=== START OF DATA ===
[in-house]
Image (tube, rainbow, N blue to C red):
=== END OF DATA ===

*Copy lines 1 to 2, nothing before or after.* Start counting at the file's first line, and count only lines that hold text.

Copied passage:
[in-house]
Image (tube, rainbow, N blue to C red):